FIG. 10 shows an example system in which the above-water module 126 is configured in a floating device 124. In this case, a cable 702 attaches the housing 110 to the boat 118. The tether 107 is configured to exit housing 110 above the underwater module 108. Note feature 1002, which is a tether extension and retraction system. When this configuration is deployed, the floating device 124 having the above-water module 126 can have the tether 107 completely retracted into the spool in 1002. Thus, the floating device 124 can physically be right next to the housing 110. However, when the user throws the housing 110 with the floating device 124 with the retracted tether 107 into the water, the device 124 will float and the housing 110, which does not float, will start to sink in the water. In this situation, the system 1002 will start to extend the tether 107 as the housing 110 sinks. A proper tension in the extension/retraction system 1002 can be set and maintained so that the tether 107 will properly deploy. The cable 702 connects the housing 110 to the boat. When the video or image capture is finished, a signal can be transmitted to the device 126 which will cause a motor to retract the tether 107 and thus bring the housing 110 together with the floating device 124 for retrieval from the water as a unit.

In summary, the system 102 is a smart pass-through and performance computing device that allows a user to connect to the underwater Wi-Fi camera 112 with any client Wi-Fi-enabled device 114 above water and be able to control and monitor the camera 112 in real time. In particular, the system disclosed herein is not locked into any one camera on the market since the connection with the camera is via Wi-Fi. As long as the camera is within a range of a few inches (which will increase as new hardware advances allow for stronger, more efficient signals) of the underwater wireless interface module 108, the system works. The system also allows for autonomous actions to take place. The basic system provides video to those at the surface. More advanced models of the disclosure can also provide useful data so the user knows where to position the camera in the water. The Wi-Fi connection could also allow for two-way communications to any camera 112 with Wi-Fi capability so that the camera 112 becomes maneuverable and controllable. This is extremely useful when searching for fish. This system solves the problem for many who currently use their camera to film underwater footage but want to view the footage in real time from their personal wireless device 114. It also allows the user to maneuver the camera 112 independently of the boat 118. The saltwater sport fishing community is waiting for a device such as this and there could be many more exciting applications of this system. This disclosure is meant to provide a way for recreational users to use any Wi-Fi cameras 112 to their maximum potential even when submerged many feet underwater.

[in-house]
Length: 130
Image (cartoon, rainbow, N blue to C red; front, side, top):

Disclosed is a universal camera mounting platform and self-adjusted transceiver. FIG. 9 can be referenced for this discussion. In many implementations of the proposed technology, the camera 112 will be put into a protective waterproof housing and be configured within a larger housing 110. The camera 112 is mounted inside the housing 110 and situated in an orientation for gaining the optimal view. The housing 110 could be completely open for water to flow freely throughout. Water flowing throughout is useful for the units' ability to move quickly through water and avoiding buoyancy issues. The advantage of wireless video streaming opposed to anticipated connections, such as HDMI cables, etc., is that when it comes to camera mounting 802, a single configuration can accommodate most camera form factors. Similar systems that use cabled options for providing power, communications etc., are then limited to only particular form factors, not anticipating the next generation of camera particular form factors.

Also, many cameras 112 are not waterproof out of the box but require a separate waterproof housing. Because of this, each particular camera may require a different setup, whereas wireless is universal because there are no wires to protect. Also, adding extension batteries can change the form factor of the camera but the wireless will still work just as well, while the camera 112 will last much longer with the larger battery. Not being tied to particular cameras, form factors or mounting configurations, allows the system to grow with future cameras with multiple form factors and configurations. While the disclosed system 102 allows for the video wireless signals to transmit through the water, the system can use a self-adjusting transceiver that will adjust its extension based about the cameras depth. As the camera is placed inside the housing, the transceiver assembly 706 could slide towards the rear of the housing and then return to the full extension when the camera is removed. The wireless system in this disclosure grows with new technology. The user is not tied to a dedicated camera. Not only can the user upgrade as new cameras come out but the user can now have a camera for multiple uses instead of many systems that require the user to purchase dedicated camera which is hardwired into the system.

As new cameras 112 emerge with features like 360-degree view, better codecs for higher resolution and lower latency, and other enjoyable features, the user will not need to purchase a new system to accommodate them. This feature is useful for captains who will have customers with different cameras that might want to use the system. Indeed, the housing 110 could also be configured such that it can be sized to receive two cameras 112 and both can communicate with the transceiver 108 to individual users on the boat with their individual devices. More than two cameras 112 could also be mounted in the housing 110.